The newest indictments revolved around a scheme by the four defendants to conspire to defraud an insurance company of almost $50,000 by intentionally damaging Sergiacomi's home and then filing a false insurance claim to cover the cost of repairs. The repairs, of course, were to be completed by Ricci and Zambarano who frequently partnered in real estate deals. While the quartet discussed their plans openly on the telephone, the FBI listened in via a court ordered wiretap. What they heard was astounding.
During the March 2010 floods that plagued Rhode Island, Sergiacomi’s home at 12 Caldar Road in North Providence sustained water damage. She assumed it was from the rising groundwater. Sergiacomi called her friend John Zambarano for help knowing that he was in the construction business. Zambarano instructed her to call Vin DiPaolo, an adjuster that he had done business with previously. DiPaolo suggested a water removal company and set up an appointment for that company to go to Lori's house to extract the water. What DiPaolo didn't expect, however, was that a representative of that company would tell Lori that the damage in her finished basement was from the flood and was not likely to be covered by her insurance policy. Because the state was declared a disaster area, he said, The Federal Emergency Management Agency (FEMA) would be offering low interest loans to help residents with the cost of flood damage repair. He advised Lori to call FEMA to apply for financial assistance in paying for the cleanup.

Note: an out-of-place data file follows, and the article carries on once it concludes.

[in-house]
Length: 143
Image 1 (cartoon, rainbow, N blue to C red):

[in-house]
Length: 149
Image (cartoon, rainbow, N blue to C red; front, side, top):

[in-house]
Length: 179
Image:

On April 1st, Sergiacomi notified Zambarano of the conversation with the representative from the water cleanup company and, at his urging, promised not to call FEMA until speaking with DiPaolo, her insurance adjuster. Zambarano, in fact, offered to make the call for her. During the 3:47 p.m. phone call Zambarano said to DiPaolo, “The fuckin' guy from the company you sent over there told her to call FEMA, they'll help you out. I... she's calling me up, should I call? I said, no...no the insurance is going to be involved in this.” “No!” DiPaolo said, “the FEMA's, a fuckin'.... they haven't even declared that yet for Christ sakes.” “He's telling her to call FEMA,” Zam insisted. “I said FEMA ain't... FEMA ain't gonna take care of your pool or nothing. Just leave it the way it is.” DiPaola then unloaded about the Water Removal Company suggesting that in the future they “mind their fucking, just get over there and do what you got to do. You got to do the remediation and everything else first over there so...Fucking crazy, I'm trying to put a claim in and he's going to let FEMA in...fucking...They're just giving loans out.”
Zambarano hung up the phone with DiPaolo and immediately called Sergiacomi. Describing his discussion with DiPaolo, Zambarano told her, “He starts screaming. He said why don't these fuckin people mind their own business. He said FEMA is ...is a government-funded agency that gives you interest free loans to take care of things. You got to pay that back. He said just let it stay. This was damage for the roof. All this is going to lead to her roof.” Sergiacomi replied, “I know that's cool, but according to [the water removal company] you don't have to pay it back. They are giving it out like Haiti aid.” “No, no,” Zambarano said, “he said 'Forget it.'” Lori was compliant.